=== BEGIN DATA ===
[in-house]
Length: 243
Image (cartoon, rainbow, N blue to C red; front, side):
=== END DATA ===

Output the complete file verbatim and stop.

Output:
[in-house]
Length: 243
Image (cartoon, rainbow, N blue to C red; front, side):